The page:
RNA was isolated from cells using RNeasy micro kit (Qiagen, Valencia, CA, USA), and the quality of isolated RNA was checked using Nanodrop 1000 (Fisher scientific, Pittsburgh, PA, USA). RNA was converted to cDNA using Quantitect reverse transcription kit (Qiagen). Quantitative polymerase chain reaction was performed using Power SYBR green master mix (Applied Biosystems, Foster City, CA, USA) on StepOne Plus instrument (Applied Biosystems) using standard protocols. Verified primers were purchased from Qiagen. The threshold cycle (Ct) value for each gene was normalized by the average Ct number of three housekeeping genes (RN18S1, GAPDH and ACTB).
Annexin V staining kit (BD biosciences, San Jose, CA, USA) was used to detect early and late apoptosis using Annexin V-fluorescein isothiocyanate (FITC) and propidium iodide. Apoptosis of the MM cell line U266 was detected in the presence or absence of MSCs or macrophages and was detected using Accuri C6 flow cytometer (Accuri Cytometer) and analyzed with CFlow software (Accuri Cytometer).
Bortezomib was purchased from Sigma-Aldrich (St. Louis, MO, USA) and was dissolved in sterile fashion in dimethyl sulfoxide (DMSO) to a final concentration of 10 µM. It was then added to tissue culture media at 10 nM concentrations unless otherwise specified. Control cultures included an equivalent % volume DMSO, to exclude the possibility that biological differences were not attributable to the DMSO component.
We used the student’s t test to assess the significance of differences observed. The overall α-level for these tests is 0.05. Statistical package PAST (PAlaeontological STatistics) was used for data analysis and visualization.
We have previously reported the analysis of cell surface markers and differentiation assays of our BM-derived MSCs (Trivedi and Hematti 2008) and shown them to conform to the well-established criteria set forth by International Society for Cellular Therapy (Dominici, et al 2006). Essentially, passage 4–6 BM-MSCs are positive for markers, such as CD29, CD44, CD73, and CD90, and negative for haematopoietic and endothelial markers, such as CD14, CD31, CD34, and CD45; furthermore, they are positive for human leucocyte antigen (HLA)-ABC and negative for HLA-DR molecules (data not shown).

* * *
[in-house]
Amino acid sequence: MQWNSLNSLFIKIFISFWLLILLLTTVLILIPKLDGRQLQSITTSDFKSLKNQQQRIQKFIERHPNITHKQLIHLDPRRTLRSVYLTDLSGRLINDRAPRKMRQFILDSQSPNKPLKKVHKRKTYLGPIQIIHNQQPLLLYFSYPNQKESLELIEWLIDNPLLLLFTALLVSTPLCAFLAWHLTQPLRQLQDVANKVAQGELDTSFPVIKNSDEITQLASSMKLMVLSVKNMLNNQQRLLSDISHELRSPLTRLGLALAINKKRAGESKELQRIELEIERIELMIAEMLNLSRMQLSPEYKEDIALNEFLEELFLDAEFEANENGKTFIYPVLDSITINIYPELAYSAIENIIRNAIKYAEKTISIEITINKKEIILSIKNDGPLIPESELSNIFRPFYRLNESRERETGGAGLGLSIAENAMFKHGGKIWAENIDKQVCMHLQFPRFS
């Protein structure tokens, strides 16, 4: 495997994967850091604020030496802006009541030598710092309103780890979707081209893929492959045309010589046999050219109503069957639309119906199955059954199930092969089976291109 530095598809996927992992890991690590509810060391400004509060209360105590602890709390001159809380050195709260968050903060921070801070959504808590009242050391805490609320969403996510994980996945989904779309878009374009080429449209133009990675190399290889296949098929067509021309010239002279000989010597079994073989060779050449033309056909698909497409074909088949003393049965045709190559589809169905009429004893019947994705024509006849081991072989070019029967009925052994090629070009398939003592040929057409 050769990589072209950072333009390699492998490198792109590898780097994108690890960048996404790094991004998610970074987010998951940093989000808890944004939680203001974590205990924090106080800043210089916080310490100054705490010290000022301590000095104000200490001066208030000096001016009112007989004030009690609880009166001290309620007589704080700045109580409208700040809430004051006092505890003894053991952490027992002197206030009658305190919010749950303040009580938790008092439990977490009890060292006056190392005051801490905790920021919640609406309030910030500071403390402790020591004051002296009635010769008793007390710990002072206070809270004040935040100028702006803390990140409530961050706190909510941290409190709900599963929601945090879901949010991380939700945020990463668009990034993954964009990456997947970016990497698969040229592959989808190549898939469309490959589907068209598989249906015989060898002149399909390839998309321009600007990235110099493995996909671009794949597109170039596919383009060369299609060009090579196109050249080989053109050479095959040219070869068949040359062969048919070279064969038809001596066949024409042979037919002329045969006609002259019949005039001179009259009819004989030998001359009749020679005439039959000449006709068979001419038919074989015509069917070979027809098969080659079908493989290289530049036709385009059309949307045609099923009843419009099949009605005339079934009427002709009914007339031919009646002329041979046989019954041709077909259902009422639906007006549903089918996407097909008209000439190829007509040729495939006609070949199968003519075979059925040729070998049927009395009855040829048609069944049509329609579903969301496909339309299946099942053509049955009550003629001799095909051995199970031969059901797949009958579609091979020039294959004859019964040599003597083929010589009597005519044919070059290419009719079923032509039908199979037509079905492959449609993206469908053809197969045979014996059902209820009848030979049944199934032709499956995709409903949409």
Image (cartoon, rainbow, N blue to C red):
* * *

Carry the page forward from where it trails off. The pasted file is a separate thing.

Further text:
Proliferation assays using CFSE staining were performed after three days of coculture. CFSE-stained U266 or NCI-H929 myeloma cell lines were cultured in the following conditions: a) cell line-only control, b) single co-culture MSC alone, c) single co-culture macrophages alone and d) combined co-culture with MSC and macrophages plated at a density of 100,000 cells per well in 6-well plate. The design of the proliferation assay is depicted in Fig 1A. Fig 1B is a representative experiment showing modelling results for proliferation index (PI) calculation. Our results showed increased proliferation of MM cells in the presence of either MSCs or macrophages compared to the cell line-only control (Fig 2). The combined co-culture of MSCs and macrophages induced a notable increase in the proliferation of MM cells. The normalized proliferation indices for NCI-H929 with MM cell line-only control, MSCs, macrophages and MSCs with macrophages were 1.00, 1.83±0.06, 1.83±0.04 and 2.03±0.05, respectively (Fig 2A). For U266 cells, the normalized proliferation indices were 1.00, 1.44±0.02, 1.46±0.04 and 1.98±0.08, respectively (Fig 2B). These results indicate that the highest level of U266 and NCI-H292 MM proliferation occurs in combined co-cultures with MSCs plus macrophages, suggesting that the combination of MSCs and macrophages exerts a synergistic effect on tumour cell growth. Moreover, the addition of macrophages alone appeared to be sufficient in supporting the proliferation of MM cell lines, as was the case with MSCs co-cultured with MM cells. To avoid the potential of macrophage media (IMDM supplemented with 10% human AB serum) to promote proliferation of MM cells, we performed similar experiments using RPMI 1640 medium with 10% FBS and RPMI 1640 medium with 0.5% HSA and obtained comparable results (data not shown).